Drum lines part of life in South Africa for 50 years
Closer look: Tourists and students examine a shark. Picture: Mogens Johansen/The West Australian

As the sun rises over Kwazulu-Natal's rugged coastline and Durban's city beaches, small yellow boats launch into the surf and head towards lines of buoys offshore.

In the dawn light, crews begin the laborious task of hoisting up 320m-long nets and drum lines to see how many animals got trapped overnight.

It has been part of the South African province's daily life for 50 years.

Shark culling has become so normal in Kwazulu-Natal that the public and groups of schoolchildren have visited the Sharks Board almost daily for years, to see caught sharks being dissected.

And drum lines will be part of life in WA for at least the next three years if the State Government gets environmental approval.

There have been no fatal shark attacks, and only two non-fatal bites, at the 38 protected beaches in Kwazulu-Natal since nets and drum lines were installed.

Kwazulu-Natal Sharks Board head of operations Mike Anderson-Reade said there was no doubt the measures worked.

"We've got to get the balance right," he said. "We take the number of sharks necessary before an attack occurs."

The number of dangerous sharks - great white, tiger and bull sharks - caught by nets and drum lines is dwarfed by the number of harmless sharks and other marine life.

Data from 2012-13, the latest available, reveals 22 great whites were caught (six were released), as well as 48 tiger sharks (27 released) and nine bull sharks (one released).

In the same year, 91 dusky sharks, 72 spinner sharks, 76 turtles, seven humpback whales, 23 dolphins, 35 manta rays and numerous other species were also caught.

Unlike under the WA policy, the South African shark catchers do not kill any of the creatures caught in nets and drum lines, but release them 5km out to sea.

However, around one-fifth of sharks and half of other marine life are already dead when they are found.

Lifeguard Gerald Holland, who works at the popular Scottburgh beach south of Durban, said there was a huge public misconception about the nets.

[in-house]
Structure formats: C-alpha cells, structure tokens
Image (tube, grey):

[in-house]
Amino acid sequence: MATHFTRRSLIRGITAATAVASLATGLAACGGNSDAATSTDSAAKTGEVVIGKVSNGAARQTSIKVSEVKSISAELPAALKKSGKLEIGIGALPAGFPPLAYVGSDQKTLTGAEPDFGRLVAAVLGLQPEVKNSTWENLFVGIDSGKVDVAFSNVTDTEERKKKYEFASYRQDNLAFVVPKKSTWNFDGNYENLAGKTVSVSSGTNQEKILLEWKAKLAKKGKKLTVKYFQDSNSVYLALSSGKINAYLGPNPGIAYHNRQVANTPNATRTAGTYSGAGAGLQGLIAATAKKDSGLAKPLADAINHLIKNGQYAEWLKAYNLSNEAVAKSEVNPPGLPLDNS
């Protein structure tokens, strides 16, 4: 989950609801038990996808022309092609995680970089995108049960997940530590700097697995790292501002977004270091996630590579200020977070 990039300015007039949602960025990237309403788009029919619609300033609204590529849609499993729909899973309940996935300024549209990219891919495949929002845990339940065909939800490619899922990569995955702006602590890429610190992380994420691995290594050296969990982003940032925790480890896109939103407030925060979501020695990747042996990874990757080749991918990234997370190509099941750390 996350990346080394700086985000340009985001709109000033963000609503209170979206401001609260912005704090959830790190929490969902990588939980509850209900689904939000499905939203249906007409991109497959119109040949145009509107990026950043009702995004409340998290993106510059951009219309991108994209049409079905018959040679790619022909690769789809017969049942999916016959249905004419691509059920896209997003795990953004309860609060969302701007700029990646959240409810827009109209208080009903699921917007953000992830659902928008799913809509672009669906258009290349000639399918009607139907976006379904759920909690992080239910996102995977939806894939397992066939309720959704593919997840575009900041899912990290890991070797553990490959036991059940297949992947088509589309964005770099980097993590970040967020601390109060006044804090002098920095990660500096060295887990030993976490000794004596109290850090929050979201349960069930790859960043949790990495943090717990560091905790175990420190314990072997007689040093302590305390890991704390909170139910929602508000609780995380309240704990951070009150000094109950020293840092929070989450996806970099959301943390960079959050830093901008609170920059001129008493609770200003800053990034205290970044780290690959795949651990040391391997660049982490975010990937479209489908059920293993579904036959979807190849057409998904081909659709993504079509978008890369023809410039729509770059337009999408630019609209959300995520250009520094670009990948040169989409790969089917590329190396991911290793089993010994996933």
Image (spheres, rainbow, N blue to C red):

"They don't know that sharks can get around the net," he said.

"They think it's a barrier around the bay."

Fellow lifeguard Ricardo Harilal said people often asked him if there was shark gear at Scottburgh beach.

"It gives them a sense of security," he said. "I personally don't think the nets are even necessary because there are always sharks out there. We see dolphins swimming parallel to the nets but they don't get caught."

In recent years, the Kwazulu-Natal Sharks Board has been replacing nets with 79 drum lines on the province's south coast.

A series of fatal shark attacks in the 1950s - five deaths in 107 days - prompted the authorities to do all they could at the time to erect nets at beaches.

The eradication of fatal attacks in the decades since has inspired public confidence and reliance on nets to keep them safe.

But there is opposition to the use of lethal measures 60 years later. Surfer and former lifeguard Olivia Symcox, who is part of campaign group Shark Angels, believes nets are archaic and outdated.

"There certainly was a place for shark nets back in the 50s," she said.

"Obviously they needed to take measures to prevent KZN losing tourism and visitors. That I can understand. But things have changed. There are far less sharks in the water locally.

"It's certainly time to rethink nets and try to find more viable solutions."

Mr Anderson-Reade said the Sharks Board and scientists were constantly working on finding a non-lethal alternative to shark nets and drum lines.

"I think it's very important for Western Australia to get some scientists on board so that they monitor what they are taking out," he said.

"If you're going to convince anybody, or change their minds, you have to do it with scientifically backed up data."

The West Australian

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